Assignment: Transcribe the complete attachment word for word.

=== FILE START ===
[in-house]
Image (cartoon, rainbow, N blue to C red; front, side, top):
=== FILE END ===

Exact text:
[in-house]
Image (cartoon, rainbow, N blue to C red; front, side, top):